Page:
CRAVE (CRAVE, #1)
by Laura J. Burns & Melinda Metz
Published September 21, 2010 by Simon & Schuster Books for YR
GENRES: YA • Paranormal Romance • Urban • Vampires • Supernatural • Action
TECHNICALLY 3.4 ROUNDED TO 3
Shay could never do the things her friends could--never try out for sports, never go to parties, never fall in love. Because of the mysterious and incurable blood disorder she was born with, she can barely make it through three days of school a week.
But now, her doctor-turned-stepfather has a brand-new treatment that he thinks will change everything. And it does. As soon as the new blood starts pumping into Shay's veins, she has visions of a different life...Gabriel's life. She sees an orphanage, loss, fangs, blood, and lust that she can't explain.
Is Gabriel real? And if he is, could he really be what she thinks he is?
This one almost made the cut to four, but there were a few things standing in the way... mainly the details and the main character. I'll explain the latter in a moment. Let's start with the details. I am do not have a degree in medicine. Be that as it may, I do have a lifetime of constant illness and injuries that have landed me in the doctor's office. They would NOT give someone almost daily transfusions if they had no idea what was going on.
She would not be allowed out of the hospital if she was that sick. Unless it was to go to a hospice. Another detail is the plot. It had enough holes to look like Swiss cheese. I mean that as constructive criticism.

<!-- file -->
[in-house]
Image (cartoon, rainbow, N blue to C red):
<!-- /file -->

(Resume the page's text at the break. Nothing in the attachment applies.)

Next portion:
The "sick girl" attitude didn't stick with me. I got where Burns/Metz were trying to go with it, but Shay didn't act like a dying girl. She just acted like a general self-centered brat. I've been sick enough.. and have know enough sick kids... to know that is not how they act. Most are even more sensitive to others, braver than the average kid and may have a keener sense of humor or very gentle spirit. The ones who are bitter are much more aggressive. Hence my conclusion that she is just a brat. You would think since I went through so much myself, that I would feel something for her. I did. There were times when I felt pity for her. Most of the time I wanted to smack her over the head with a large book.
The mythology was based off the traditional vampire-can't-be-in-the-sun mythology but Burns/Metz gave it a gentle twist. Their vampires wanted to procreate but couldn't. So they do so something unusual (sorry, can't give away spoilers) in order to have families. I hadn't heard this storyline before so it was intriguing. I also found what happened during Shay's treatments fascinating but found her responses to them odd. Can we say Stockholm Syndrome? You'd think getting a reprieve would lighten her mood and that she'd actually break a smile. Alas no. I thought she would be happy and carefree. More like this:
The writing style was somewhat intellectual, with heavy philosophical blips. Those blips made the story choppy along with the transitions. If they had smoothed those over we'd be cooking with gas.
Her frustrations with not being able to function like everyone else and craving to live life were incredibly well done. I could really relate to it. It was organic and fresh. The relationship to Gabriel was more forced. But how she related to him through the transfusions were fascinating.
The story ended with a large cliffhanger that paves the way for book two, SACRIFICE.
If you are in the mood for vampires and mild mystery then this book should fit the bill.